Visual artists, videographers, poets and writers from the Methow Valley are featured in an exhibit that highlights the unique environments of the Methow and Wenatchee watersheds. The exhibit is at the MAC Gallery at Wenatchee Valley College (WVC).
Called the CHA CHA Exhibition (CHA stands for conservation, history and arts), the show features the creativity and innovation that emerged from two artists’ residencies in and around the Methow River and the Wenatchee River.
The residencies were sponsored by the Icicle Fund as part of its 20th-anniversary celebration, and by Methow Arts and the Icicle Creek Center for the Arts. The resulting show includes artists’ responses to the Icicle Fund’s mission to celebrate and support conservation, history, and arts in the region, said Scott Bailey, a WVC art professor and curator of the CHA CHA exhibit.
The goal of the residencies was to explore the unique environmental aspects of each location. The artists revisited work created by poet William Stafford in the Methow Valley in 1993 and by the Watershed Artists in the Wenatchee Valley in 2001. Twelve artists were selected for the two residencies, and some created art in both.
The Methow residency, which took place in October 2020, gave local artists Jennifer Molesworth (watercolor paintings), Rod Weagant (oil paintings), and Subhaga Crystal Bacon (poetry) the opportunity to explore the Methow River watershed and how it has changed.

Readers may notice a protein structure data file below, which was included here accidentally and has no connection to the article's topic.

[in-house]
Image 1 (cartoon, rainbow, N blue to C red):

Two artists from outside the valley also participated in the residency. Sarah Horowitz created paintings and accordion books and Heather Murphy did paintings and illustrated writing.
Bacon, Molesworth and Horowitz also participated in the Wenatchee River residency, held in May 2021, along with Methow artist David Lukas, who makes videos, and Merry Maxwell, a Methow artist who works in oil painting and writing.
Artists in the Wenatchee River residency visited several locations in the watershed to document their surroundings — and any environmental changes since 2001 –— through visual art, writing and music.
The mission of the original Watershed Artist residency was to create an awareness and emotional connection to the unique cultural and natural history of the Wenatchee River Watershed through art.
Other artists in the Wenatchee residency include Heather Murphy, who created paintings and illustrated poetry; Marlene Farrell, who wrote prose; Gretchen Daiber, who created mixed-media paintings; and Jane Zanol and Claire Seaman, who did paintings.
The exhibit is on view at the MAC Gallery at WVC’s Music and Art Center through Oct. 27. It has also been shown at other galleries in the region.